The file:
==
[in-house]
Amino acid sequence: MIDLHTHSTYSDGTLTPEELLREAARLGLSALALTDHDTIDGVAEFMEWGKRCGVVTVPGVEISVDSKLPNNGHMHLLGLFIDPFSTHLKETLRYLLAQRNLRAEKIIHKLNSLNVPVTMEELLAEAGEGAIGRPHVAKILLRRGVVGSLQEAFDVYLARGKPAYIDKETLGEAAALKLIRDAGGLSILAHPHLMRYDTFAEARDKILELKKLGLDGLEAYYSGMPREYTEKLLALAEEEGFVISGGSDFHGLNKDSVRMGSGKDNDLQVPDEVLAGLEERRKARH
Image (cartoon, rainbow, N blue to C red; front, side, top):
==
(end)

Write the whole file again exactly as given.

[in-house]
Amino acid sequence: MIDLHTHSTYSDGTLTPEELLREAARLGLSALALTDHDTIDGVAEFMEWGKRCGVVTVPGVEISVDSKLPNNGHMHLLGLFIDPFSTHLKETLRYLLAQRNLRAEKIIHKLNSLNVPVTMEELLAEAGEGAIGRPHVAKILLRRGVVGSLQEAFDVYLARGKPAYIDKETLGEAAALKLIRDAGGLSILAHPHLMRYDTFAEARDKILELKKLGLDGLEAYYSGMPREYTEKLLALAEEEGFVISGGSDFHGLNKDSVRMGSGKDNDLQVPDEVLAGLEERRKARH
Image (cartoon, rainbow, N blue to C red; front, side, top):